Faraday Future Gets $335 Million In Incentives From State Of Nevada


Nevada Gov. Brian Sandoval

Nevada Gov. Brian Sandoval

Faraday Future secured  $335 million in incentives from the state of Nevada to build the huge FF sign in the middle of the desert its $1 billion electric car factory.

FF concept electric car is to be unveiled at 2016 CES in January, while 4,500 direct jobs at the factory groundbreaking is scheduled for early 2016.

Faraday Future is backed by Chinese billionaire Jia Yueting, who seriously intends to introduce on the market some revolutionary EVs.

The other states that lost out to Nevada in the bid to secure Faraday include California, Louisiana and Georgia.

“The state will offer $215 million in tax credits and abatements, and publicly finance $120 million in infrastructure improvements at an underdeveloped industrial park in North Las Vegas.

While Nevada is known for its libertarian leanings and lack of a state income tax, people who hammered out the deal say other factors ultimately won the company over.

Source: usnews.com

Category: Faraday

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21 responses to "Faraday Future Gets $335 Million In Incentives From State Of Nevada"
  1. mhpr262 says:

    I am really curious as to what will come of THAT one …

    1. wavelet says:

      I hope Nevada won’t regret this…

  2. LonestarV says:

    Haven’t heard a lot about this. So they are making this size of investment, etc and they haven’t even shown a concept yet?

    1. John says:

      Just because *we* haven’t seen the concept yet, doesn’t mean the people with the checkbooks haven’t seen it. 🙂

    2. Anthony says:

      The debut is only a few weeks away (CES 2016 in Las Vegas – January 6-9, 2016). So it wont be long before everyone sees what they are going to be selling.

  3. mrenergyczar says:

    Maybe they’re building an exact Tesla Model S but for half the price….

    1. mhpr262 says:

      Yup … with “more affordable” engineering and materials

  4. ffbj says:

    Hey kids. Its a beautiful day in the neighborhood. Today’s word is “Vaporware.”
    Can you say V A P O R W A R E?

    1. Mikael says:

      Why so negative? Got any reason to think this is not serious?

      Some part skepticism is always good, but just calling it vaporware feels a bit immature.

      1. ffbj says:

        True, it was immature. They just feel smarmy too me. Show me a picture of some scrub brush in the desert and say:
        ‘Home of our new factory.’
        I don’t buy it. Apparently LV does, but I am from Missouri.

        1. sven says:

          Meh. Can I interest you in some Tesla vaporware instead?


  5. Jay Cole says:

    Just going to tack this on below some of the other comments, and I’m not sure what exactly we are allowed/suppose to talk about. But there is stuff/media co-ordination happening behind the scenes ahead of the CES debut with FF.

    From a first impression standpoint with talking to Faraday already, it has been quite refreshing/unexpected.

    Sidenote: The whole of 2015 was mostly a drag (imo), but from what we have seen so far, the show season between CES and NY this year in the US is very encouraging/much improved. Plug-in tech almost seemed like after thought in 2015…not so much this time around it seems.

    There are some much more difficult compliance hurdles to overcome shortly…as well as rising customer expectations at the same time.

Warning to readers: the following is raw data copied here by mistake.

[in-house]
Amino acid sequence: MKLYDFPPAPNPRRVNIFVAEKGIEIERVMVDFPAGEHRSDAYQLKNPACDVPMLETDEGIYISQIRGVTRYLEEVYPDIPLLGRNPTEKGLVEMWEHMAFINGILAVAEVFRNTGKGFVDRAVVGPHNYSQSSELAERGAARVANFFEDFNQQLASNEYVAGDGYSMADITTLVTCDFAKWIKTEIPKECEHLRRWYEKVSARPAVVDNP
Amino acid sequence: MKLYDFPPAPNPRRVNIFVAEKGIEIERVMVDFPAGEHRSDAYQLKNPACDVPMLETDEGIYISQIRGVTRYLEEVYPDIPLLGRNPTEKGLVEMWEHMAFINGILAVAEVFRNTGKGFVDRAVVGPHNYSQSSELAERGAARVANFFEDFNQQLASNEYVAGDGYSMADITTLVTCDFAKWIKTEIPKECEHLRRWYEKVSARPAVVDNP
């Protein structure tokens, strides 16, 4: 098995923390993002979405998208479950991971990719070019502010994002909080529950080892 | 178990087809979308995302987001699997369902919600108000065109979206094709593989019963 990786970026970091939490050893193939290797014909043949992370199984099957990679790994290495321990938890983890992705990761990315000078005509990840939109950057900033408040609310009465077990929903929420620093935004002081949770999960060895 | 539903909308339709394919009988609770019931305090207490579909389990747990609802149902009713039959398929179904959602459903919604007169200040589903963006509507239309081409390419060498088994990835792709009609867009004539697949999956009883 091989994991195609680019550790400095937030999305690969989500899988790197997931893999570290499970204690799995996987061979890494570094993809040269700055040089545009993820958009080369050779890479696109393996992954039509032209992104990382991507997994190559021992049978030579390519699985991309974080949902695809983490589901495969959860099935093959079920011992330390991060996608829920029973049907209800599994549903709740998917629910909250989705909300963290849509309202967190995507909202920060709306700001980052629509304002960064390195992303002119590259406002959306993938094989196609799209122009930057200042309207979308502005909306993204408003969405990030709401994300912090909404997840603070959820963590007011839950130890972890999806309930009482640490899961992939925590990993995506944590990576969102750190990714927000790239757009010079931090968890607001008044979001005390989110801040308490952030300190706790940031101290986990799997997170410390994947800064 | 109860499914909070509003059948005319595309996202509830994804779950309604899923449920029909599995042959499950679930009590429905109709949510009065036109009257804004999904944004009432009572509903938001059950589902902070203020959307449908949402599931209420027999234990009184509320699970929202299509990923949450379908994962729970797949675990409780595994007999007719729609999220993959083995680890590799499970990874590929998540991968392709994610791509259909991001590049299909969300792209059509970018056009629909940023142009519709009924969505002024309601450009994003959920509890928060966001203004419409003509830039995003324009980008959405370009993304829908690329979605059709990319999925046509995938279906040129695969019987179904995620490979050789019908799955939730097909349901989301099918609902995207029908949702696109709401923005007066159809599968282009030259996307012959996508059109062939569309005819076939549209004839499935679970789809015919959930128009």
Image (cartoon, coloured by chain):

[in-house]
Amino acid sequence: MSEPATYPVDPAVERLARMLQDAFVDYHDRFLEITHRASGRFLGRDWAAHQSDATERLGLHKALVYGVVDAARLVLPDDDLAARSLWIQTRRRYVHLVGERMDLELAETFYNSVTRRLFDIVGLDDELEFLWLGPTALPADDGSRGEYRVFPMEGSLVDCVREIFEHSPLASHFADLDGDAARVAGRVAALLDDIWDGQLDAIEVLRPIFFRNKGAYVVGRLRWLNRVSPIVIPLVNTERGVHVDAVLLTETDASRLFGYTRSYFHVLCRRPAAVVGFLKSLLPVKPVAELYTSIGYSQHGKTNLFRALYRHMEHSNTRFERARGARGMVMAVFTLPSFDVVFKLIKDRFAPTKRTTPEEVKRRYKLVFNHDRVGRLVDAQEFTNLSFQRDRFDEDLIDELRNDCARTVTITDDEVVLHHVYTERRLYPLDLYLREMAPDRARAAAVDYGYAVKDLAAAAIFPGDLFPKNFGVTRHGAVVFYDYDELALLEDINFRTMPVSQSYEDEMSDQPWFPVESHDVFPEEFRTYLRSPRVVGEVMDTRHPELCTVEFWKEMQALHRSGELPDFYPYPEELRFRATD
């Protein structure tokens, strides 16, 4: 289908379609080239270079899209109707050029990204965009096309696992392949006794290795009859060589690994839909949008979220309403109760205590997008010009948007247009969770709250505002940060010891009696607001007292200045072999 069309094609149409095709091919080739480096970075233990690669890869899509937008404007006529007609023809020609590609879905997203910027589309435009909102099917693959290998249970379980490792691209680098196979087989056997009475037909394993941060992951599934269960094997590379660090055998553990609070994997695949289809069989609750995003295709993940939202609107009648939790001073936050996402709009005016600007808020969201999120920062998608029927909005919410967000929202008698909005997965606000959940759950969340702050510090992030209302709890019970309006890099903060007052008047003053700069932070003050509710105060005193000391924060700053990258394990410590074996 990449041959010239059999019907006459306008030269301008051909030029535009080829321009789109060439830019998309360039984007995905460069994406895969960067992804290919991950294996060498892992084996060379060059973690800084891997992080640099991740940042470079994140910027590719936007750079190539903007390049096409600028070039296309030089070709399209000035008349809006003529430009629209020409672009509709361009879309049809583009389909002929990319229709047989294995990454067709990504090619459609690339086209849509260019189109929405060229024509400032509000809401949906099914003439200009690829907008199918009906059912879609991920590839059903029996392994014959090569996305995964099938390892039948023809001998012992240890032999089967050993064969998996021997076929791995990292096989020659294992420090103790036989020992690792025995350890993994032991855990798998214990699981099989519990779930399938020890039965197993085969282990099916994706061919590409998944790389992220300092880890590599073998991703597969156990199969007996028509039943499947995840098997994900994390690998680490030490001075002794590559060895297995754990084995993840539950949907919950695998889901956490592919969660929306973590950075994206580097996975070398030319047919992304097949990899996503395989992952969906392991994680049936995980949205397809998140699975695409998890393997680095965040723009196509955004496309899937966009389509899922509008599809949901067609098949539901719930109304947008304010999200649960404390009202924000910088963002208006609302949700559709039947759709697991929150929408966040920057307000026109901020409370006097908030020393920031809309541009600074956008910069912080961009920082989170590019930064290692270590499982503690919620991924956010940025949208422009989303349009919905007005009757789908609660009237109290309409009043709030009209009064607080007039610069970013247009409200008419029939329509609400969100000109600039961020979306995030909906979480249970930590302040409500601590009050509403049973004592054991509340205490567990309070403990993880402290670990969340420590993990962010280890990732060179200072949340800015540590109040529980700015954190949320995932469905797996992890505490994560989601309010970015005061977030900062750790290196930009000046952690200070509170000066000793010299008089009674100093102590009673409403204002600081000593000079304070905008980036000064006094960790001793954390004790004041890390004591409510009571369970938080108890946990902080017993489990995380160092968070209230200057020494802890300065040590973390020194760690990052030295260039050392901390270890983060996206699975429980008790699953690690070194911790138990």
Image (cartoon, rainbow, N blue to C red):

1. EV Livin' says:

      Interesting teaser.

  6. RexxSee says:

    A nice competitor to Tesla… that will partner to expand the Super Charger network…
    And solar cells incrusted in the body of the car.

  7. Pete Bauer says:

    Nice to see the competition. But it will take them at least 3-5 years to get the handle of the product and the mass sales.

    By this time, Apple may also be selling EVs.

    1. SJC says:

      Apple could just buy Faraday in a few years.

      1. Three Electrics says:

        And, in fact, they should buy FF if they can’t find another manufacturing partner. Google has hitched up with Ford. Apple and BMW are the most likely partners, but failing that, an in-progress factory is a valuable thing, indeed.

  8. shane says:

    Best wishes to them. Entering capital intensive markets (autos, aerospace, etc) takes very deep pockets and alot of patience. 3-5 years, as was mentioned, seems like a minimum. Tesla has made great strides by being way ahead of everyone else. I’m not sure that “gap” still exists for a new “Tesla”. Of course it isn’t my money. The DC-10/L1011 debacle comes to mind.

  9. Pushmi-Pullyu says:

    In my comment on the first article on FF at InsideEVs, I expressed quite a bit of skepticism… and got jumped on by more than one other post-er for it.

    Well, we’re not used to seeing such large companies spring up like mushrooms. A company which has nothing but a website, a concept drawing of a building, and announces grandiose plans, is nearly always the sign of a company that is either a hopeless startup or an outright scam… or somewhere in between.

    But if they have convinced the State of Nevada that this is something worthy of the State making serious commitments, then this is looking a lot more like something real.

    Good luck to Faraday Future, and I hope it turns out a lot better for them than it did for CODA, which was the last startup auto maker based in China which tried to do business in the USA.

    Of course, FF and CODA have very different business plans. CODA made cars in China and tried to sell them in the USA, whereas apparently the plan for FF is the reverse.

  10. Red HHR says:

    Hasn’t FF been hiring some top notch people over the past couple years? Should be an interesting product.